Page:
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Jennifer Barrett

The Appropriate Use of Information

Editors’ Note

Jennifer Barrett joined Acxiom Corporation in 1974 after receiving a degree in mathematics and computer science from the University of Texas at Austin. Barrett serves on a variety of industry boards, including boards and councils of the Direct Marketing Association such as the Safe Harbor Ethics Committee and the DMA Political Action Committee. She is past Chair of the DMA Committee on Social Responsibility and sits on the executive committee of the Centre for Information Policy Leadership and the Information Policy Institute.

Company Brief

Founded in 1969 and headquartered in Little Rock, Arkansas, Acxiom Corporation (www.acxiom.com) is a global interactive marketing services company. Tailored for a wide range of industries and business needs, the company’s products and services help the world’s leading companies strengthen their relationships with existing customers and initiate relationships with new customers. Acxiom is a developer of some of the largest and most sophisticated business intelligence and marketing databases in the world, enabling clients to analyze their customer base, improve customer acquisition and retention, grow the value of customer relationships, reduce risk and protect against fraud, and manage large volumes of data.

How do you define the role of Global Privacy Officer?

The role is evolving as the issue of privacy evolves. The role focuses on leading a company toward a culture of understanding the appropriate use of information for its business. As information permeates everything we do, the role is getting more complex and diverse each year. The appropriate use of information includes what you collect, where you collect it, what you do with it, and who you share it with. It has a dynamic of compliance because in some cases those activities are regulated by law. If you’re a financial services or a health care institution, law dictates how you must treat certain kinds of information, and laws in different parts of the world are driven by cultural attitude and by how the government operates.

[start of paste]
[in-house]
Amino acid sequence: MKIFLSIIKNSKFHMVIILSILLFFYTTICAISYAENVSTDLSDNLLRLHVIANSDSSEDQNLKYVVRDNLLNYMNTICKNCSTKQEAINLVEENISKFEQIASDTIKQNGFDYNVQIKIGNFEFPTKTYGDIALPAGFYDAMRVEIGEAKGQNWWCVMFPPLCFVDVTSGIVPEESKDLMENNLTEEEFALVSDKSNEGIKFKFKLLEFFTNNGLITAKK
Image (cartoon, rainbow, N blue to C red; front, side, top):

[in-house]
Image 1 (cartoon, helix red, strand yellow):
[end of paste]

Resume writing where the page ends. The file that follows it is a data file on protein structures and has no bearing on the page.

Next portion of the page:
How challenging is it to have a consistent platform for rules and regulations, and does there need to be consistency?

Consistency may be too strong a word because we have to respect cultural and regional differences. A better word might be harmonization. There has to be some rationale about how information moves around the world. We’ve all got to understand and respect our country and our culture, but we also have to recognize that information flows globally. How can we respect our people while respecting other cultures’ dynamics? For example, the law in Europe relative to using an e-mail address for marketing solicitation purposes requires opt-in; the law in the U.S. requires opt-out. We have to respect those differences, which is doable, but it’s becoming cumbersome to comply with differing bureaucratic administrative procedures that neither create value for the consumer nor provide enhanced privacy protections because they often conflict with each other. Global Privacy Officers have been advocating that the place the data is collected sets the initial mark for whose laws apply. Then, as data moves around the world, those regulations are honored, and the data is appropriately protected from misuse.